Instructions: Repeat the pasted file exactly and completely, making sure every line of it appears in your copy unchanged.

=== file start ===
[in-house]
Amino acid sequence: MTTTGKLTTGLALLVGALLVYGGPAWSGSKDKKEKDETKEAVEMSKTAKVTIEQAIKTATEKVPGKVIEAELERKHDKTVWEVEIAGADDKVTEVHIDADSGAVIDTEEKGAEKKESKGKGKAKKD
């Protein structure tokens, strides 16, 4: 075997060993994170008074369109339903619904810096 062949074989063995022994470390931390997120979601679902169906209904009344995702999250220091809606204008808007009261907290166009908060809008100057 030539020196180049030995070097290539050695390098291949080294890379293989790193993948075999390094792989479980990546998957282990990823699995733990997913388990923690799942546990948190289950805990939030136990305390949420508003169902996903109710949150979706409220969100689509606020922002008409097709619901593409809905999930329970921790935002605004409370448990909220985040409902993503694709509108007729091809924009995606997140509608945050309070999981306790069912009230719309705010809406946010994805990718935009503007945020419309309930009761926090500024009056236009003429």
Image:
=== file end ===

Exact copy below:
[in-house]
Amino acid sequence: MTTTGKLTTGLALLVGALLVYGGPAWSGSKDKKEKDETKEAVEMSKTAKVTIEQAIKTATEKVPGKVIEAELERKHDKTVWEVEIAGADDKVTEVHIDADSGAVIDTEEKGAEKKESKGKGKAKKD
């Protein structure tokens, strides 16, 4: 075997060993994170008074369109339903619904810096 062949074989063995022994470390931390997120979601679902169906209904009344995702999250220091809606204008808007009261907290166009908060809008100057 030539020196180049030995070097290539050695390098291949080294890379293989790193993948075999390094792989479980990546998957282990990823699995733990997913388990923690799942546990948190289950805990939030136990305390949420508003169902996903109710949150979706409220969100689509606020922002008409097709619901593409809905999930329970921790935002605004409370448990909220985040409902993503694709509108007729091809924009995606997140509608945050309070999981306790069912009230719309705010809406946010994805990718935009503007945020419309309930009761926090500024009056236009003429």
Image: